AA Visiting School 2016 Hong Kong â€“ The Sweetest CNC Machine
The sweetest CNC machine is a 11-day robotics workshop in the Architectural Association Visiting School (Hong Kong) led by Victor Leung in July 2016. It is a workshop for participants interested in deeper knowledge about CNC control, robotics and 3D printing.
The workshop contains theoretical and practical sessions where students learn how to construct a CNC machine from scratch. Topics include stepper motor theory, motion control, CNC control, mechanical principles, motion transfer,precision mechanics, electronics, drivers, temperature control, G-Code programming, CAD CAM programming. Students go through a fast paced learning experience with a lot of hand-on participation to put the theory they learnt into practice.
Students build their own three axis 3D printer in teams of three. They start from basic mechanical components such as beams and bearings to construct a very complex machine. The machine is designed by Victor as a learning experience that grew in complexity form a single axis linear stage to a four-motor, three-axis, temperature controlled 3D printer. Makeblock modular robotics components allow students to quickly construct mechanical systems without lengthy machining process, their modular approach also allows students to make inexpensive mistakes and learn from it. Victor used a web animation he developed during his MIT thesis to deliver complex assembly instructions in an understandable way. Students without engineering background are able to quickly learn how components are put together.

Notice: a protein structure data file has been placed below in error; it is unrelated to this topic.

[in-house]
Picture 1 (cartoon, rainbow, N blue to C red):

The Sweetest CNC Machine
The sugar 3D printer developed by Victor is an indirect copy from the glass 3D printing project developed in MIT Media Lab. They both used a gravity feeding system from a temperature stabilized reservoir. Chikara Inamura from the Mediated Matter Lab helped designed the sugar printer, explaining the similarity of both molten sugar and molten glass as essentially slow flowing sticky liquid.
While 3D Printing technology is often portrayed by the media as the next manufacturing revolution. The general public typically have little understanding of the complexity involved when selecting and engineering a material suitable for the 3D printing process. The Dunningâ€“Kruger effect seen in many people as they believe almost any material can be 3D printed is uncanny. Â On the other hand, the common pessimism (particular in architecture schools) that accuse 3D printers for the lack of materiality, is another naive misunderstanding in the opposite end.
This molten sugar 3D printer designed by Victor serves no practical purpose other than printing colourful sculptures. The sculptures are way too unhealthy to eat, spontaneously melt in high humidity and attracts unwanted insects. However, itâ€™s true purpose is the educational experience for students to explore the technology that enabled 3D printing in detailed depth. Understanding the complexity of CNC controlled robotics and fascinating material science that allowed us to appreciate the 3D printer as a marvel combination of the two science.
TheseÂ ring shaped prints are demonstrated to the students as case studies of what the printer is capable of making.